The trees at Keele

We have over 150 species of tree on campus, not counting the 240 species and varieties of Flowering Cherry! Amongst them are many of our common native species as well as some more unusual ones. So, if you can't tell a Beech from a Birch or just want to know a bit more about them then read on!

Moose-bark  Acer pensylvanicum

Moosebark leaf and trunk

A native of Nova Scotia to Georgia, it is the only American Snake-bark maple. It was named after the American State of Pennsylvania but, when the name was first published, it was misspelt - hence the missing "n" in the scientific name! It can grow to 17m but more usually to 10m. In its native habitat it is very shade tolerant and more an understory shrub, rarely becoming a canopy tree.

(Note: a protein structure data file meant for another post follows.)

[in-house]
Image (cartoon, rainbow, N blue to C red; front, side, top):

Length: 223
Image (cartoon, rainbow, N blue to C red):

Leaves : broad and soft, 8-15 cm long and 6-12 cm broad, with three shallow forward-pointing lobes, brownish hairs beneath. Yellow in the autumn.

Bark green when young with white vertical stripes, becoming brown with age.

Uses: Grown as an ornamental tree in UK but in its native habitat foresters sometimes consider it to be a pest tree because its shade tolerance makes it difficult to control and it is often present in great numbers in the understory.

Location : One in the special collection - compartment 24;square K10.